Newspaper article The Florida Times Union

Hafez Assad's Son Consolidates Power

Newspaper article The Florida Times Union

Hafez Assad's Son Consolidates Power

Article excerpt

DAMASCUS, Syria -- Bashar Assad, son of the late Syrian leader, was appointed commander of the armed forces yesterday, another indication he will succeed his father as president in a country where most people have known no other ruler.

President Hafez Assad, who died Saturday, was the previous commander. The ruling Baath Party also unanimously nominated Bashar Assad as the only candidate for president.

In anointing Bashar Assad, the hierarchy is opting for a smooth, stable transition -- instead of the uncertainty and violence that characterized power changes in Syria before Hafez Assad took over in a bloodless coup in 1970. Hafez Assad's strong-willed, strong-arm stewardship ended a series of coups that followed independence from France in 1946.

It remains to be seen whether Bashar Assad, who has held no major political office, will be tough and canny enough to hold onto the power he is inheriting. But the British-educated eye doctor was a favorite with ordinary Syrians, many of whom seemed incapable of imagining their country without an Assad at the helm.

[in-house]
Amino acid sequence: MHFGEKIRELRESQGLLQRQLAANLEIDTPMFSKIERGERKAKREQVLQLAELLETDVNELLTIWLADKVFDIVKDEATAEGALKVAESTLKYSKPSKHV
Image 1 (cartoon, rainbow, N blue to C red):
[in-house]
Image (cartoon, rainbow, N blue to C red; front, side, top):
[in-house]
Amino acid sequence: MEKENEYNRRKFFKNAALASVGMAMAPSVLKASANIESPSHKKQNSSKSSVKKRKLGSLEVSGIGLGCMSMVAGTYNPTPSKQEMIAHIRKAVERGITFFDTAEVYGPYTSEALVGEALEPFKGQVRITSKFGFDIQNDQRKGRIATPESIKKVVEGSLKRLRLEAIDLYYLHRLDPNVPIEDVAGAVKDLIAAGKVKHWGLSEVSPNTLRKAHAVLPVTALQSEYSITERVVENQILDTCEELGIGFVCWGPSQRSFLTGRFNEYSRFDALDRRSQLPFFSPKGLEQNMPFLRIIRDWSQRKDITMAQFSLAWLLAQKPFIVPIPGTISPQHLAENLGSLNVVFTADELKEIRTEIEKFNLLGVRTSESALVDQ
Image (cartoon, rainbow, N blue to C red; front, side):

Abdel-Halim Khaddam, one of two vice presidents, declared as law yesterday a constitutional change that parliament made Saturday, lowering the minimum age for president from 40 to 34. Bashar is 34.

It had long been clear Hafez Assad was grooming his son to rule after him. The political apparatus the autocratic Assad, 69, left behind began preparing to carry out those wishes soon after he died.

All that is left is for the rubber-stamp parliament, which is scheduled to meet June 25, to approve the nomination and for elections to be held. Hafez Assad routinely ran as the only candidate in presidential elections, and just as routinely recorded "yes" votes of close to 100 percent.

"We have full confidence in Bashar because he's the only one who can carry his father's torch, and the Syrian people don't want anyone else," said Kawkab Fares, a 24-year-old civil servant who joined crowds yesterday at the Damascus hospital where Assad's body was believed being kept until his funeral tomorrow.

"Bashar, we are with you!" the crowd chanted.

Syrian workers in Lebanon thronged to Syrian military bases and offices yesterday to receive condolences. Syria deploys 30,000 soldiers there. …

Search by... Author
Show... All Results Primary Sources Peer-reviewed

Oops!

An unknown error has occurred. Please click the button below to reload the page. If the problem persists, please try again in a little while.